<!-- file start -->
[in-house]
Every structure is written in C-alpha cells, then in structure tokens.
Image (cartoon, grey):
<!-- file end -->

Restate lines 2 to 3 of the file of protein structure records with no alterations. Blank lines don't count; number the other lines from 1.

Every structure is written in C-alpha cells, then in structure tokens.
Image (cartoon, grey):